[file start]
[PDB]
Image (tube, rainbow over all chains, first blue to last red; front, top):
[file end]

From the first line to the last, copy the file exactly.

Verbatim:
[PDB]
Image (tube, rainbow over all chains, first blue to last red; front, top):